EnterpriseOne Security, Upgrades & Dual Maintenance
Tags: Dual Maintenance, EnterpriseOne, JD Edwards, Security, Upgrades, UX One
Why is Security such a big deal? This seems like an obvious and unnecessary question but you have to qualify the context of the question. Security is essential to the survivability of a business and everyone agrees that it’s a serious topic. The most common definition is “measures taken to guard against espionage or sabotage, crime, attack, or escape”. However, the context for this discussion is implementation of security for an upgrade and not why we have security.
Many customers have thousands if not tens of thousands of security records setup in their EnterpriseOne release. Furthermore, most customers do not understand that with the release of Applications Release 9.2 and Tools Release 9.2.1, many security changes have occurred with the addition of new records specific for the new functionality and/or industry compliance requirements. Lastly, the customer is adding new 9.2 type records as they progress through the setup of the new release during the pre-production phases of an upgrade. Combined, these three factors (extensively established security records + new 9.2 security records + adding new 9.2 records) create a challenge for upgrade projects and usually necessitates a dual maintenance requirement for the duration of the project.
Customers commonly request to periodically bring over their previous release’s security records as part of multiple data refreshes or mock cutovers but there is no easy or straightforward approach because the EnterpriseOne upgrade tools do not provide a clean method to merge changes only. The options are either a wholesale copy & replace from previous release to new release or dual maintenance. Therefore, it’s advised when planning an implementation that careful consideration be given to understand and emphasize the importance for dual maintenance.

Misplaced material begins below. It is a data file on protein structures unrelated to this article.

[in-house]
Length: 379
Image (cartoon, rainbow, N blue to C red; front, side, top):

What about scripts? Sure, elaborate scripts can be created or complex procedures devised to try and accomplish security refreshing but these require more effort and costs than the benefits. Most of these efforts would be implemented through custom coding and/or database triggers which are not preferred. Custom coding and database programs should be the last resort to accommodate an upgrade task if dual maintenance is an option. Dual maintenance provides the benefit of control of the security changes within both releases plus the repetitive familiarization of how security changes are performed and their impact in the new release.
Therefore, when planning your implementation make sure you discuss and revisit the new security changes that are introduced with the new release and stress the requirement for dual maintenance. Establish and agree upon a well thought date that the previous release’s security will come over to 9.2 and then start dual maintenance from that point forward during the duration of the upgrade project. If the customer understands all the moving parts between the old and new security setup, then performing dual maintenance will facilitate simplicity and increase the proficiency of security management in the new release.